Friday, January 27, 2012

DTN News - US DEFENCE BUDGET CUTS: More Drones But 80,000 Fewer Troops

DTN News - US DEFENCE BUDGET CUTS: More Drones But 80,000 Fewer Troops
Source: DTN News - - This article compiled by Roger Smith from reliable sources Scotsman
 (NSI News Source Info) TORONTO, Canada - January 27, 2012: The United States is to increase its fleet of unmanned drones by nearly a third and rely more on small, specially trained ground units as part of a slimmed down military.

As part of massive cuts to its budget, the army plans to shed 80,000 soldiers over the next few years, defence secretary Leon Panetta announced yesterday.
But he added the enforced belt-tightening would be an opportunity to modernise the military, with a focus on technology and the use of agile, rapid-deployment combat teams.

The US would also be refocusing it attention towards China and the Pacific, while seeking strategic partnerships in areas in which it will be cutting its presence, such as Europe.

The rethink was prompted by the need to find $487 billion (£310bn) in spending cuts over the next decade. Mr Panetta conceded it meant slashing the number of soldiers in the army from about 570,000 to 490,000 over the next decade.

Speaking from the Pentagon, he said: “The military will be smaller and leaner. But it will be agile, flexible, rapidly deployable and technologically advanced. It will be a cutting-edge force”.

He said he refused to allow the “hollowing out” of the US’s military might, and that the new strategy would “emphasise special operation forces”.

The effectiveness of these small, dedicated units was seen in the assassination of terror chief Osama bin Laden last year and the rescue of a US aid worker and her Danish colleague from Somali pirates this week.

The envisaged refocusing on smaller rotational bases will be at the expense of larger military sites, with closures expected to take place as part of the budget cuts.

There will be more money available for technologically advanced weapons and measures to counter cyber-terrorism.

Mr Panetta did not say how many more drones would be developed under the plan, but an increase of about 30 per cent has previously been reported.

Any rise in the use of umanned aircraft is likely to be met with suspicion by those who believe that their use endangers innocent life.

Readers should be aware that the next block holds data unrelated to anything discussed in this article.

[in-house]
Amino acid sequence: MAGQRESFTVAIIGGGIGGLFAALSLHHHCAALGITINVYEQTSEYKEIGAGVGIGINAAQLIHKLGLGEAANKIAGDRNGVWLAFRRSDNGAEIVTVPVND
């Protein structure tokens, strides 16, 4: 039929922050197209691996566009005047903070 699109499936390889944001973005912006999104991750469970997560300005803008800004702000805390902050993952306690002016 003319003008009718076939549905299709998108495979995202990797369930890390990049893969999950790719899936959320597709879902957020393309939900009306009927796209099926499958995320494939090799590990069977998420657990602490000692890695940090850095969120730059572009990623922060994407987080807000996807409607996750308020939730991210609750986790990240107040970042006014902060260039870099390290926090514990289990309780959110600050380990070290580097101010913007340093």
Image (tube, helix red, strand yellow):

Figures from the London-based Bureau of Investigative Journalism show CIA drones stuck Pakistan 75 times in 2011, causing up to 655 fatalities. The majority of those killed were alleged militants, but as many as 126 civilians may also have lost their lives, the figures suggest.

The shrinking of the US army was signalled earlier this month in comments made by president Barack Obama.

Outlining plans to trim the armed forces, he said the US was ”turning a page on a decade of war”, with the end of hostilities in Iraq and the drawdown of troops in Afghanistan.

The president also fired a warning shot over China, by indicating the US would refocus its attention towards the Pacific region. As part of that repositioning, the US plans to station troops in Australia and dock navy ships in Singapore.

Meanwhile, US officials have been in talks with their counterparts in the Philippines over greater co-operation and an intensification of war drills in the region. It comes amid greater concern in Washington over both China’s rise as a military power and instability on the Korean peninsula following the death of North Korean leader Kim Jong-il.

*Link for This article compiled by Roger Smith from reliable sources Scotsman
*Speaking Image - Creation of DTN News ~ Defense Technology News 
*This article is being posted from Toronto, Canada By DTN News ~ Defense-Technology News 

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